Didn't Get the Salary You Were Hoping For? Here's How to Learn From the Experience



As women, we are acutely aware of the professional challenges we face. One of these challenges is pay inequity. Of course, some of the salary gap between men and women can be contributed to systemic or institutionalized causes, but research also shows that women are less likely to negotiate salary increases or raises, further deepening the issue. 

The causes of this unwillingness to negotiate are complex, but a lot of it does come down to the stigma surrounding a woman asking for more. In fact, research from Harvard Business Review shows that women who negotiate are often seen as “greedy or demanding.”  

Despite that negative perception, though, there is a growing movement encouraging women across professions and levels of experience to take matters into their own hands. A quick search on Google uncovers numerous articles with pragmatic and actionable tips for salary negotiation, and Career Contessa has a great post detailing how to confidently ask for what you deserve.

But what happens when you do take a stand and a company does not reciprocate with a higher offer or total compensation package? It’s a less-talked-about scenario, but it’s important to discuss and know how to handle. Here are three key tips for navigating that complex situation. 


It’s easy—and totally understandable—to feel like you somehow dropped the ball if you stand up for yourself in negotiations with an employer and then don’t see what you asked for materialize. Even worse, you may decide that you must not actually be worth that higher pay.

This feeling is even more pronounced if you’re like my friend Rachel, who was assertive in asking for a higher starting pay, had the company stay firm with their initial offer, and then accepted the offer anyway. After deciding to pursue the opportunity despite this “rejection,” Rachel felt like she had compromised her self-worth—and allowed the company to somehow “get away with something." 

However, as hard as it may be, it’s crucial to realize that when you ask for what you want, you have already been successful—simply by asking for recognition for your skills, accomplishments, and experience. Just as in many other areas of life and business, receiving a “no” or “not at this time” is not an indication of failure, but simply that the answering party will not or cannot give you what you deserve.

Despite the answer you may receive, you should hold your head up high knowing that you have done what has been historically difficult for women to do. Asserting your personal value may seem like a small act, especially if it doesn’t result in immediate impact, but over time, that can have a collective impact on the dynamic of your workplace—and the broader professional world.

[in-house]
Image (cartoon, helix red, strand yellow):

Many articles on salary negotiation, for women and men, remind job applicants or those seeking raises, that take-home pay isn’t the only bargaining chip. This is an important thing to keep in mind, as other employer-provided benefits—from paid time off, work-from-home time, 401K match, and performance-based bonuses—can also be subject to discussion and re-evaluation with your employer. 

So, if you did attempt to negotiate your initial salary offer from an employer and didn’t secure an initially positive response, remember that you can—and should—recommend substitute concessions outside of pure pay. And, in some cases, those other “perks” or benefits can add up to a total compensation package that is equal to, or more than, the salary increase you would have received.

Or, if you’re like my friend Rachel, who accepted her original offer without requesting additional benefits or concessions, remember that the door for negotiation is not closed once you start a job. You can still sit down with your supervisor after starting, perhaps during the initial 90-day review, and suggest a performance- or time-based plan for incentives. In fact, after a little time at your job, you may actually be in a more advantageous spot to analyze what your department or company needs most, develop relevant milestones, and then convince your boss to tie additional compensation to your meeting those outlined and agreed-upon goals.

And even if you wait until your annual review, you are well within your right to discuss the initial salary negotiation as part of your next year’s compensation package. After all, even if a company is unwilling or unable to raise the starting pay for a new hire, they may be open to and flexible about rewarding and retaining current employees, especially if they are high-performing.


It can be difficult to remember that one circumstance that does not turn out as expected does not automatically mean that we shouldn’t try again. In fact, as humans, we have a tendency to see patterns where they don’t exist—sociologists call this the Baader-Meinhof phenomenon.

But, as professional women, we have to look past isolated, individual incidents and continue to negotiate for each subsequent opportunity, whether with the same employer or the next.

In fact, in all of the studies that have been done about how men negotiate, one thing that consistently bubbles to the surface is that men are less likely to take no for an answer. What’s crucial is that this doesn’t necessarily only apply to individual salary negotiations; in fact, it’s a repeated practice of assessing one’s value and asking employers to reciprocate that over the course of a career that creates higher pay overall.

In other words, if we as women can continue to strive for more, even when we face some “no’s” along the way, we are sending a clear message: obstacles may be disappointing, but they won’t set us back, and they won’t keep us from trying again the next time.  

Article originally published on Career Contessa.